CCHQ Press (@BorisJohnson_MP) November 20, 2019

Twitter has officially tsk-tsk’ed the Tories, telling the BBC that it plans to take “decisive corrective action” if they pull that stunt again … though it apparently didn’t do anything at all in response to this particular incident.

A Twitter spokesperson:

Twitter is committed to facilitating healthy debate throughout the UK general election.

We have global rules in place that prohibit behavior that can mislead people, including those with verified accounts. Any further attempts to mislead people by editing verified profile information – in a manner seen during the UK Election Debate – will result in decisive corrective action.

Twitter told the BBC that according to its terms of service, it can remove an account’s “verified” status if the account owner is “intentionally misleading people on Twitter by changing one’s display name or bio”.


Android camera bug could have turned phones against their users

By Danny Bradbury

Android users beware: rogue apps could be using your phone’s camera against you, taking pictures and videos without your knowledge and sending them to attackers. They could even record your phone calls and make others aware of your location.

News of the vulnerability, which affects the Android camera app used by millions of Google Pixel and Samsung Android users, comes courtesy of application security testing company Checkmarx which has been working with Google and Samsung to fix it. The company’s researchers figured out a way to hijack the camera on Android phones using a permission bypass vulnerability.

Aware that access to camera functions is highly sensitive, Google created a special set of permissions that the user would have to grant to an application before it could use the phone’s camera. These permissions are:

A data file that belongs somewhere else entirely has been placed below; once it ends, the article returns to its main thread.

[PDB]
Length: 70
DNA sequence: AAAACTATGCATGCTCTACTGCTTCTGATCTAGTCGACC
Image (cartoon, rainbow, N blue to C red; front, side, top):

• android.permission.CAMERA
  • android.permission.RECORD_AUDIO
  • android.permission.ACCESS_FINE_LOCATION
  • android.permission.ACCESS_COARSE_LOCATION

The vulnerability that Checkmarx discovered enables apps to bypass the need for those permissions as long as they have storage permissions that enable an application to access the SD card. In a report on the vulnerability, the company explained:

An application that has access to storage not only has access to past photos and videos (which it already had, by permission design, nothing new there), but also has a way to access newly taken photos and videos by abusing the Google Camera app exported components.

This means an app with SD card permissions gets access to the user’s phone, which enables an attacker to turn the camera into a remotely-controlled sensor:

By manipulating the specific actions and intents, an attacker can now control the Google Camera app to take photos and/or record videos through a rogue application that has no permissions to do so.

Certain conditions on the phone could enable them to harvest more data still, the report continued. If the phone’s location data settings embedded location information in the photos’ EXIF metadata, they could access that data and find out where the photos were taken (and therefore where the user has been).